A veterans’ alcohol rehab is an addiction treatment facility that specializes in care for retired military personnel. According to the Journal of the American Medical Association (JAMA), alcohol serves as a coping mechanism after deployment. In one of the first studies of its kind, JAMA found that military personnel deployed to Iraq and Afghanistan dealt with alcoholism.
In short, their traumatic experiences correlated with heavy weekly drinking and binge drinking. To continue, binge drinking is when someone has five or more drinks within a day or during an event. For women, it’s four or more drinks. Binge drinking stood out as a serious issue for both genders. For example, over 53% of military personnel surveyed admitted to binge drinking.
Their research produced other key findings about veterans:
Alcohol rehab for veterans understands that they face unique problems. Their experience in combat likely leads them to cover the pain with substance abuse. Therefore, a veterans alcohol rehab will deal with the underlying trauma to root out an alcohol abuse disorder. Otherwise, neither the trauma nor the addiction will go away fully.
Up to 60% of Americans experienced a traumatic event. On top of this, up to 8% of the population are diagnosed with post-traumatic stress disorder (PTSD) during their lives. PTSD stems from a traumatic event that evolves into maladaptive behaviors and thoughts lasting a month or more. The mind isn’t able to process the trauma in a healthy way. This can manifest as both physical and mental symptoms.
Veterans experience PTSD more than the average American. P&T, a peer-reviewed journal on medicine, states that some studies report 30% of veterans deal with PTSD. Yet, it’s worth mentioning that the number of veterans diagnosed with this is dependent upon the war served. However, in the past 13 years, around half a million veterans were diagnosed with this disorder.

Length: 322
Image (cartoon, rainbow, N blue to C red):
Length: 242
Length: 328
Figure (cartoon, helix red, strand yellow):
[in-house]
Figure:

These are symptoms of PTSD:
Other common symptoms include disassociation, reduced interest in favorite activities, becoming more reclusive, and unwarranted anger. There are more signs than this, but if a veteran has more than one of these symptoms it likely means PTSD. It’s obvious that military personnel face the difficulty that comes from traumatic combat. However, 22% of women experience military sexual trauma (MST), which adds to the issue.
Further, veterans with PTSD relive the trauma they have experienced. Illicit substance use and alcohol abuse release chemicals in the brain to make them feel calm and pain-free. This is especially because over 30% of veterans with PTSD report chronic pain after the incident. These combined lead to higher levels of addiction. The best PTSD treatment center for veterans looks at the bigger picture.
Not every facility is a perfect match for veterans. In order to say one is the best PTSD treatment center for veterans means they need to be able to recognize signs of comorbidity. Comorbidity, also known as a dual diagnosis, is when a person experiences more than one health disorder at the same time. PTSD and substance use disorder are commonly found together.
A good doctor knows that a one-size-fits-all plan never works with recovering addicts. If a facility is the best PTSD treatment center for veterans they need to get their full personal history to weigh the possibilities. Other mental disorders are known to occur at the same time as post-traumatic stress disorder. This can further complicate a diagnosis when a veteran has an addiction to drugs and alcohol.
Veterans may experience these mental health disorders in tandem with PTSD:
NIDA reports that 50% of people with a substance use disorder will have a mental illness. Addiction treatment centers for veterans need to take into account that substance abuse in this population likely means a deeper issue. The interaction of multiple disorders in a recovering addict who is a veteran can lead to a deadly situation if not diagnosed correctly.